HENDERSONVILLE, Tenn. (Christian Examiner) -- As people share hundreds of stories and gather to pray, it is a time of "mourning and celebrating" at Long Hollow Baptist Church in Hendersonville, said Executive Pastor Lance Taylor concerning the loss of Senior Pastor David Landrith this week.
Landrith, 51, passed away at his home Tuesday morning from colorectal melanoma, a rare and aggressive cancer he was diagnosed with in 2013.
The beloved leader succumbed to the disease after a 20-month battle which is "the average life span" for those facing the disease, Long Hollow's senior associate pastor, Jeff Lovingood, told local ABC news affiliate WKRN.
"Some people would live five years, but it's a very aggressive cancer," Lovingood said.
Despite multiple surgeries and medical treatments over the past year, the cancer spread throughout Landrith's body, including his lungs and brain.
But even with his deteriorating health, Landrith continued to grow Long Hollow's reach and ministry.
The Tennessean reported the church is again "on target to exceed" the record 1,000 baptisms it achieved in 2013, according to Roger "Sing" Oldham, a spokesman for the Southern Baptist Convention.
Oldham noted that Landrith's cancer allowed him to connect with people in a unique way.
"I do think there was something about his vibrant courage in the face of his cancer (that drew people)," he said. "People wanted to hear where he drew that strength from."
First-hand accounts of Landrith's impact on others can be read on the church's homepage where friends and members are posting favorite memories and personal testimonies about Long Hollow's pastor of 17 years.
"For thousands of people, David was the catalyst that God used to invigorate their spiritual walk, to begin restoring their marriage, to understand Scripture, and to fall in love with Jesus," the church stated on their website.
The message was then followed by a stream of posts from those who had been touched by the pastor's life.
One comment read:
"I was a lost child of God for many years. One Sunday I decided to attend Long Hollow to see what all the fuss was about and I couldn't believe how life-changing listening to Pastor David would be. I am a better person and a loving follower of Christ because of that Sunday morning during one of my darkest times in life. I am forever-changed because of Pastor David. " Heather Payne, Long Hollow Hendersonville Campus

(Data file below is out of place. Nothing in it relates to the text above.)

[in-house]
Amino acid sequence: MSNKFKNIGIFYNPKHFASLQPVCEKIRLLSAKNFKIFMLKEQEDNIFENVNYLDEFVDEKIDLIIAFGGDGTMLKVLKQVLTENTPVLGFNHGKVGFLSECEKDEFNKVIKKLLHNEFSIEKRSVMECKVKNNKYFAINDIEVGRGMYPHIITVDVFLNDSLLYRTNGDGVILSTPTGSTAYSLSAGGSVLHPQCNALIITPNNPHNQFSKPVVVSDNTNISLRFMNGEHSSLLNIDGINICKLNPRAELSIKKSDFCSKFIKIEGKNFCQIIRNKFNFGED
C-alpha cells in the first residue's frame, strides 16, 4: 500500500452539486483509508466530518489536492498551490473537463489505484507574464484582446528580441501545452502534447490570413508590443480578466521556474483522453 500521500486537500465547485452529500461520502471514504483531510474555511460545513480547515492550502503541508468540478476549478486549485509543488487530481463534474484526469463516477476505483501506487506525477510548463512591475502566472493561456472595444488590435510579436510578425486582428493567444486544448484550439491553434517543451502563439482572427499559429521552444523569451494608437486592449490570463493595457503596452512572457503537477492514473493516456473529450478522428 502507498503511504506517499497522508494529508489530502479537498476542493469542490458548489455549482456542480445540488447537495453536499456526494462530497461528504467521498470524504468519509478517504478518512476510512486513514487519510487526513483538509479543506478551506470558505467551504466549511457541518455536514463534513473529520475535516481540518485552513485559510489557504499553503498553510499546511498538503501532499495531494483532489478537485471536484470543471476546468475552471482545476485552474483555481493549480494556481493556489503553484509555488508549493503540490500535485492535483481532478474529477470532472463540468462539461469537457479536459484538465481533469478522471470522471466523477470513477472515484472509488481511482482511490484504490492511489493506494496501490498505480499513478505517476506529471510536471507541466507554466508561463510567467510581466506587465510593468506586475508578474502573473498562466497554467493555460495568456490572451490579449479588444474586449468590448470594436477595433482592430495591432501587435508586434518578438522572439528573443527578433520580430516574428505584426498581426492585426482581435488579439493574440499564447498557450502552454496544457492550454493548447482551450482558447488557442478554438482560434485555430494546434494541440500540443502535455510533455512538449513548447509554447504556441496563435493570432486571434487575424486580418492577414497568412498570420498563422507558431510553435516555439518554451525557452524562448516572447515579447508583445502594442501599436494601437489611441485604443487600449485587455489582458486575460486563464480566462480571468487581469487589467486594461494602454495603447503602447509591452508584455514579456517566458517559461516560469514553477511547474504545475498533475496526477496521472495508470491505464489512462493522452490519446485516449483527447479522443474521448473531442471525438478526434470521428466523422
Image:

Another highlighted his caring nature despite his personal battle:
"In the midst of Pastor David's struggle with cancer, treatments and surgeries, my dad had a stroke. My dad's first time back to church was on a Wednesday night. Pastor David spotted him and came over to say that he had been keeping up with his health and had been praying for him. He was still caring for and tending his sheep even in the worst struggle of his own life. We feel beyond blessed to call him Pastor and friend. " Stephanie Sinclair, Long Hollow Hendersonville Campus
Landrith grew the Long Hollow congregation from about 300 members when he arrived in 1997 to about 7,500 worshippers on five Nashville-area campuses engaged in ministries on three continents today.
People came to hear Landrith preach in his humble, down-to-earth style, Lovingood told WKRN. The station reported Landrith, who preached his last sermon at Long Hollow late last summer, would often deliver messages just two days after a radiation treatment or surgery.
"He was a great preacher. People felt like they knew him. When you would sit and listen to David you [would] think you're his best friend. He made you feel special," said Lovingood.
Landrith's funeral will be held at the Long Hollow worship center in Hendersonville, Friday at 5 p.m. Visitation will be held prior to the service from 12:30 p.m. to 4:30 p.m. The funeral will be streamed live online via the church's website.
He will be buried at the Candies Creek Baptist Church in Charleston, Tennessee at 3 p.m. Saturday.
In lieu of flowers, donations may be made to the David Landrith Memorial Fund at Long Hollow Baptist Church.
Anyone who wishes to share a memory of Landrith's impact on their lives may continue to do so on the church website.